Procopius, writing around 550, observed that the plague always seemed to start from a port city and then spread inland. The historian John of Ephesus, writing a decade later, relates local superstitions about magical disease-bearing ships populated by headless demons. As the plague ricocheted around Asia Minor and Persia, and then spread to Europe in the decades that followed, it became clear that it was not the boats themselves but the things they carried—infected merchandise and people—that were spreading the disease. Gregory of Tours, a Frankish bishop and historian, describes how one outbreak in Marseilles started with a single ship from Spain that carried “the seed of this disease.” The sailors took sick, then the tradespeople who had greeted them, then their families, and then their neighbors, until “like a cornfield set alight, the entire town was suddenly ablaze with pestilence.” Gregory even uses the Latin contagio, a word derived from the verb to touch, in making explicit his understanding that the disease was spread through contact.
Despite the knowledge that travel and close contact spread the plague, many political leaders ignored the science of the day. Some stubbornly insisted on large gatherings, orchestrating early medieval “super-spreader” events. One king ordered his far-flung people to assemble in a cramped city church for a religious rally to prop up his ego; elsewhere a new pope organized a citywide penitential procession in an effort to attract God’s mercy, during which eighty people collapsed. Given such uneven leadership, many people became fatalists, figuring that there was no reason to take action when everyone would get the plague in the end. Others flocked to folk remedies and miracle cures. One such treatment originated when a resourceful mother secretly ripped a piece of fringe from the king’s robe, soaked it in water, and had her sick son drink the concoction; it was reported that immediately after, his fever broke.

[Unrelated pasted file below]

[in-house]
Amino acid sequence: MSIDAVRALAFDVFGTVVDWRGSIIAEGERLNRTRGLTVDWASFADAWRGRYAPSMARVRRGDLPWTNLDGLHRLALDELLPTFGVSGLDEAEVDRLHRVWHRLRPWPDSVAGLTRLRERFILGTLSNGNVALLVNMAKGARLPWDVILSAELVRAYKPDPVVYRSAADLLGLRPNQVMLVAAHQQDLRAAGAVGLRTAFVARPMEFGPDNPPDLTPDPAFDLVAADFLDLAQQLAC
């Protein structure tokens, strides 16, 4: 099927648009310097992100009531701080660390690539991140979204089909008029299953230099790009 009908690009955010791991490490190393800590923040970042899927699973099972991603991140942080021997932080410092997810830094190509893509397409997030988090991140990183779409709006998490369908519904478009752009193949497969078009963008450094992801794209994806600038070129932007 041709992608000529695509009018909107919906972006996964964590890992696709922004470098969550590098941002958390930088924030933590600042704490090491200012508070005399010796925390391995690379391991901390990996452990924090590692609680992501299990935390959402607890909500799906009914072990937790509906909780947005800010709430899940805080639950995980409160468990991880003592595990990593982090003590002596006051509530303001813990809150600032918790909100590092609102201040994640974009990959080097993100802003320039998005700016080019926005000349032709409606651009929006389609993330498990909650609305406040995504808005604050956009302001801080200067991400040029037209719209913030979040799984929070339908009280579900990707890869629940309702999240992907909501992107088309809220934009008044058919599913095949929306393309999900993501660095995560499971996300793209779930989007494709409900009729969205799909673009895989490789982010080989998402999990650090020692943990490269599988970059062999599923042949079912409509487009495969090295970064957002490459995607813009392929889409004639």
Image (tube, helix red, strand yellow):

In 640 the eighth wave of the Plague of Justinian was under way. This bout had surged in Amwas in Syria during the Muslim conquest of the area. It then made its way by boat to the bustling cosmopolitan port of Marseilles. From Marseilles the plague moved inland, spreading through Provence. Observers feared it would, as before, continue its onward march, especially if people refused to stop traveling. As Bishop Gallus II sat down to write to Bishop Desiderius, he had good reason to be concerned.
Most of what we know about Gallus II comes from this letter. In contrast, his colleague Desiderius is one of the best-documented men of the seventh century. We know that the fifty-year-old Desiderius had received a classical education, spent a great deal of time at the royal court, and was both well connected and fabulously rich. Both men presided over cities in the Frankish Empire and, at least in the eyes of the church, were considered equals. Gallus II was the bishop of Clermont, a former Roman stronghold; Desiderius was the bishop of Cahors, a prosperous river port 150 miles to the southeast. Both cities fell within the diocese of Bourges, which had been hit especially hard by a 571 outbreak of the plague. “There was such a shortage of coffins and tombstones,” Gregory of Tours wrote, “that ten or more bodies were buried in the same grave. In St. Peter’s Church alone on a single Sunday three hundred dead bodies were counted.”